So what happened and who is to blame? When NBC sportscaster Bob Costas learned that his network had lost baseball, his favorite sport, he said, "It's one of those deals that makes you terribly angry, but who are you going to be angry at?" The people Costas should be angry at are the programming geniuses who have given NBC the strongest prime-time lineup in history. Last week was NBC's 25th in a row on top. It drew a 15.1 Nielsen rating, compared with ABC's 13.2 and CBS's 10.7, which happened to be its lowest weekly rating since the start of the fall season. NBC had seven of the top 10 shows, while ABC had two and CBS one.

According to industry insiders, neither NBC nor ABC wanted the entire baseball package—that is, regular-season games, both league championship series and the World Series—because such a commitment would require them to preempt too many highly rated prime-time shows. Thus, ABC and NBC bid thinking that two of the networks might share postseason play again or that one of the championship series might wind up on cable. Ueberroth had encouraged the cable idea, but after the bids were opened, NBC and ABC found to their chagrin that he preferred network exposure for all postseason games. Only CBS, with its weak prime-time programming, dared go for that. Said Ueberroth, "What we liked about the CBS bid was that one network was willing to pay to televise the entire league championship series on free over-the-air TV rather than going to cable."

What Ueberroth also liked was the $1.08 billion that CBS was willing to spend. No sooner was CBS's victory announced than word leaked out that ABC and NBC had proffered bids in the mid-$600 million range for an equivalent package. If true, that meant CBS had overspent by some $400 million—perhaps because it simply didn't dare lose this bidding war. According to industry insiders, some CBS affiliates are so distressed over the network's abysmal ratings that CBS had to come up with some kind of major coup to keep them from bolting to the opposition. Says Gregory Hookstratten, an attorney who has represented sports announcers Vin Scully Dick Stockton and Dick Enberg, and who is a close observer of TV sports, "CBS way overpaid. It could lose $100 million a year; that's what the experts estimate. But it's in a lot of trouble. It suffers in the morning, it suffers late at night, it suffers in prime time worst of all. The affiliates are angry; they're just dying to break away. CBS simply had to do something."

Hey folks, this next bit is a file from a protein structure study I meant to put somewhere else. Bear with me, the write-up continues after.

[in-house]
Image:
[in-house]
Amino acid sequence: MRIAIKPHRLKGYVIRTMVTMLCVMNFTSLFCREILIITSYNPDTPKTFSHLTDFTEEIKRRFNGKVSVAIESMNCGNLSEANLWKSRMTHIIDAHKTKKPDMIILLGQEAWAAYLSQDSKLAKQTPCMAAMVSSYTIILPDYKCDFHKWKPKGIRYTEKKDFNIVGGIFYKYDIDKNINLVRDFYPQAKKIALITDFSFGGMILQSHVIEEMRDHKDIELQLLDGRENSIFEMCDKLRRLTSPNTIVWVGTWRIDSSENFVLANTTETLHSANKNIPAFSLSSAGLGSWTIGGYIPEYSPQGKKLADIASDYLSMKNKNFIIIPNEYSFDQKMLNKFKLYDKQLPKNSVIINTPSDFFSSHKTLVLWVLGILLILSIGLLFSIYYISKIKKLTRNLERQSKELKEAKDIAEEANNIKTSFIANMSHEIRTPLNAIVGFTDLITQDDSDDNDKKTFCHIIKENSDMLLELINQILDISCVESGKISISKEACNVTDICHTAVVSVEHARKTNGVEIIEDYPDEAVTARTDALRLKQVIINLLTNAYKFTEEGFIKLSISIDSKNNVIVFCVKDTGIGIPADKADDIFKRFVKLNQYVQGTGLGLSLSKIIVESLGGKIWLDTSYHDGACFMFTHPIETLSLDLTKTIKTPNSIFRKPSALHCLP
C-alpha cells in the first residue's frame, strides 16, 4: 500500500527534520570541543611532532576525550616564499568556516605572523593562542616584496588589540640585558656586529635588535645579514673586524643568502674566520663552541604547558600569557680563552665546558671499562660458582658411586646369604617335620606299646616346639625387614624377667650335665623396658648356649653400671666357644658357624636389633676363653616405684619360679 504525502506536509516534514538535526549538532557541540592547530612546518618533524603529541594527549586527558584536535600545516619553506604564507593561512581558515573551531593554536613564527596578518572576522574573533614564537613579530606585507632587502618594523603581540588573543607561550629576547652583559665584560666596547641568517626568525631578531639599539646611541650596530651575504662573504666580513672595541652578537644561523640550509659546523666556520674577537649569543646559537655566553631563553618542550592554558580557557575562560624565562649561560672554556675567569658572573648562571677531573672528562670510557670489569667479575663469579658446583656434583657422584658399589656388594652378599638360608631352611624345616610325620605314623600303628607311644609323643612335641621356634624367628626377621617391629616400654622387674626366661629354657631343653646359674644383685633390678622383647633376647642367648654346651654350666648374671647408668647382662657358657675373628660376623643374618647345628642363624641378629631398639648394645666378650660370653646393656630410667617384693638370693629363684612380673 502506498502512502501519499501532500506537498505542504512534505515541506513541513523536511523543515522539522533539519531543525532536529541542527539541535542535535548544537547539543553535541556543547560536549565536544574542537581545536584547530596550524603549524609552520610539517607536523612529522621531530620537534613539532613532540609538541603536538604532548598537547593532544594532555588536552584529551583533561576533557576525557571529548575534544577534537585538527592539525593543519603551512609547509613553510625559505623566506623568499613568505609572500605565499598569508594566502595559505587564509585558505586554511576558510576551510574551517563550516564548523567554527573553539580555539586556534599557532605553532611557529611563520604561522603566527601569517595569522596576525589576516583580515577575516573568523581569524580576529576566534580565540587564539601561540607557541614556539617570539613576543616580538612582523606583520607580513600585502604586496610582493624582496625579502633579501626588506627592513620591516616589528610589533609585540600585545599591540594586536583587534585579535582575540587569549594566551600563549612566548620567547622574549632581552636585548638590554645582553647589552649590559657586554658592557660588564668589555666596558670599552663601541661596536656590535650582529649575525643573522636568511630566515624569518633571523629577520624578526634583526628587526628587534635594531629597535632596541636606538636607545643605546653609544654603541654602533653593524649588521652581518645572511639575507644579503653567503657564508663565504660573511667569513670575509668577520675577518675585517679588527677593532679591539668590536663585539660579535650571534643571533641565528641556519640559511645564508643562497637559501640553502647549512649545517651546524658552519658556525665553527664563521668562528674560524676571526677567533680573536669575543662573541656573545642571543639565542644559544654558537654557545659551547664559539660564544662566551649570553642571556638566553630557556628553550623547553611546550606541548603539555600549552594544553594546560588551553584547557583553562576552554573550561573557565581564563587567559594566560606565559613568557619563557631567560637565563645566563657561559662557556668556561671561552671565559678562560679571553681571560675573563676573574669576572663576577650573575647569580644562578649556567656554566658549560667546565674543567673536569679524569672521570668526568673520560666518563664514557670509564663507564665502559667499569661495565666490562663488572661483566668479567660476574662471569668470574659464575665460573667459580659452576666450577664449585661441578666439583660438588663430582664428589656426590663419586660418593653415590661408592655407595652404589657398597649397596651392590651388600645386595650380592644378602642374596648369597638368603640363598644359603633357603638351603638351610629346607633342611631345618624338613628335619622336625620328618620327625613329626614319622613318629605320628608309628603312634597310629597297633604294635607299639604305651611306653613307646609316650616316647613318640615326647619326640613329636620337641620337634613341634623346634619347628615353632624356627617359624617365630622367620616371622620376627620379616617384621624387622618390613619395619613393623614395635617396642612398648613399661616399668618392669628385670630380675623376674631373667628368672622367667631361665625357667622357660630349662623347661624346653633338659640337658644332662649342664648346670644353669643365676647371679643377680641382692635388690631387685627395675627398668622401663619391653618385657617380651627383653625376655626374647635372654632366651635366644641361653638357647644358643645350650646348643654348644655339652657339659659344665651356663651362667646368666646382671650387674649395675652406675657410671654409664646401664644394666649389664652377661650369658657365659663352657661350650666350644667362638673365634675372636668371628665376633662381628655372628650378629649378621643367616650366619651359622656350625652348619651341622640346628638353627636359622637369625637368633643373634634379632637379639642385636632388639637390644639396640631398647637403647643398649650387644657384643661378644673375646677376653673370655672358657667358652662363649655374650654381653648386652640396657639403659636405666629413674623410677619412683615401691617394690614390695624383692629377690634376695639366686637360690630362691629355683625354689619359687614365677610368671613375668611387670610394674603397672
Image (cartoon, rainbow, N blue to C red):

Pilson put a different spin on last week's proceedings: "This is a big win for CBS Inc., not just CBS Sports. It's part of our overall network strategy."

That strategy is set by CBS president Laurence Tisch, who since taking over as CEO in 1986, has produced big profits for CBS by selling off most of the company's nonbroadcasting assets but has watched the network's ratings deteriorate. Tisch hopes that the playoffs and World Series will draw their usual massive audiences in October and that these audiences will stay tuned to the network's prime-time shows for the rest of the season.